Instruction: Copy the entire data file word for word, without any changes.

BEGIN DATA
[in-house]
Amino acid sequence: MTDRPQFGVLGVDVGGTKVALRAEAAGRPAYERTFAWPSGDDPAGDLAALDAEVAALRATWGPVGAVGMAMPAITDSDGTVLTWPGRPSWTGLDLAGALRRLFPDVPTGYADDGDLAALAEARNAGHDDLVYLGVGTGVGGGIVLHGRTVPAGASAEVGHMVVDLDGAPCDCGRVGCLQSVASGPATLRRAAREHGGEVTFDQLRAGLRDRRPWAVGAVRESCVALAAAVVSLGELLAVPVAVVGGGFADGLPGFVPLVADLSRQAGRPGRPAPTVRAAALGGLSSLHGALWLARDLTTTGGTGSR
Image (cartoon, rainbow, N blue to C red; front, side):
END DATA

[in-house]
Amino acid sequence: MTDRPQFGVLGVDVGGTKVALRAEAAGRPAYERTFAWPSGDDPAGDLAALDAEVAALRATWGPVGAVGMAMPAITDSDGTVLTWPGRPSWTGLDLAGALRRLFPDVPTGYADDGDLAALAEARNAGHDDLVYLGVGTGVGGGIVLHGRTVPAGASAEVGHMVVDLDGAPCDCGRVGCLQSVASGPATLRRAAREHGGEVTFDQLRAGLRDRRPWAVGAVRESCVALAAAVVSLGELLAVPVAVVGGGFADGLPGFVPLVADLSRQAGRPGRPAPTVRAAALGGLSSLHGALWLARDLTTTGGTGSR
Image (cartoon, rainbow, N blue to C red; front, side):